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Sport 'Fundamentally evil' Lance act that shook Tour

09:15  01 june  2020
09:15  01 june  2020 Source:   wwos.nine.com.au

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During Lance Armstrong’s time at the top, he was untouchable. The golden boy of cycling, who had come back from near-death after battling stage four testicular cancer to be a seven-time Tour de France champion, very nearly got away with You cannot get any more fundamentally evil than that.”

Whatever evil exists in Facebook, Twitter, Snapchat, Instagram and other social media it’s a product of the people who touch it. This is no evil inside Clearly, Twitter never did enough to the code to catch trolls and all the hate speech, just as Facebook waited too long to act on the viral spread of fake news.

Lance Armstrong wearing a yellow shirt © Getty

The ruthless, win-at-all-costs nature of disgraced cyclist Lance Armstrong has been exposed in a recent documentary with one particular incident even leaving him stunned.

During the 2004 Tour de France, Armstrong was on track to win his sixth yellow jersey. But according to the ESPN documentary, LANCE, he was so threatened by a fellow cyclist that he did something "fundamentally evil".

On the 18th stage, Filippo Simeoni got ahead of the pelaton with five other riders when Armstrong unnecessarily took out his personal grievances against the Italian cyclist who had testified against the American's coach Dr Michele Ferrari.

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* Evil Lance click on idle 1* *click on die 2* You see kids, this is why you don’t read porn. The original owner might have rigged it with explosives. Cheer is only intended for Lance (the button is light), so you’re not going to see Evil Lance salute.

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Simeoni was called a "liar" by Armstrong in 2003 after testifying that Dr Ferrari had given performance enhancing drugs. Armstrong was then sued by Simeoni for 100,000 euros for charity.

Simeoni recounts the Tour de France incident in 2004 in archival footage in the documentary.

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The Act III: M.O.T.T.E 'Moment of Truth The End' World Tour (referred to as Act III: M.O.T.T.E) was the second concert tour by South Korean rapper and singer-songwriter G-Dragon. It was in support of his self-titled EP Kwon Ji Yong (2017).

Lance is a fixer, but how can you fix something if you only know part of the problem? Keith straight up forgot who Lance was. And you know that Lance the emotions gets him really fast. sometimes he’ll start crying without meaning to, or end up getting so angry in a flash and then acting like nothing ever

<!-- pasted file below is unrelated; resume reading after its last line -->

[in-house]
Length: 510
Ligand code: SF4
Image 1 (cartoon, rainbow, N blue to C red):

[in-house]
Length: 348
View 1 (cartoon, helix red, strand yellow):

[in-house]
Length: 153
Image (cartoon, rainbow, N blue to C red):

"He told me, 'You made a big mistake. You shouldn't have testified against Dr. Ferrari and especially not sued me for defamation. I have no problems, I have time, I have money, and I can destroy you whenever I want'," he said.

"I made a super effort to get to the escape but Armstrong said the peloton would not let the group remain in front unless I let them go.

"I slowed down out of respect for the other riders there. He shouldn't worry about little riders like me."

Even Armstrong's former teammates couldn't believe his behaviour.

"The most irrational thing I've ever seen him do was in 2004 when he decided to chase down this Italian rider Filippo Simeoni," Floyd Landis recalled in the documentary.

"When you're that protected by the organisation that runs cycling, I mean you can actually take out personal vendettas as well as win at the same time. He liked that, that was his thing."

"Lance chased him down vindictively," another teammate Jonathan Vaughters added.

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There is no American sports celebrity is as controversial as Lance Armstrong. Armstrong enjoyed years of glory from adoring American public during his cycling career for nearly a decade. Between 1999 through 2005, Armstrong won the famous Tour de France road cycling event seven consecutive years.

"[He] sat behind him, mocking him.

"When eventually Simeoni comes back to the peloton, Lance comes up to the camera and [zips his mouth]. I mean, you cannot get more fundamentally evil than that."

Lance Armstrong. © AAP Lance Armstrong.

Armstrong went on to drop the defamation case against Simeoni two years later.

"The god damn thing about it was that it was on national television," Charles Pelkey, former editor at VeloNews said in the film.

"It was horrible, and should have been embarrassing to Lance Armstrong, but he was at a point in his life when he was getting away with stuff. "

In the documentary Armstrong expressed some remorse about his actions against Simeoni.

"To stoop to that level, that's not what a champion does. So I needed to go say sorry for that," he said.

"I went there in 2013; so it had been nine years. He said, 'For nine years my entire life is associated with you.'

"This is a guy who was a multiple-time Italian champion and won stages; I mean, he'd won some races. But everybody remembered that day, because I was a f---ing a--hole.

"So it just takes those days and hearing those things to learn and to be like, 'Okay, what you thought was bad, was way worse'."

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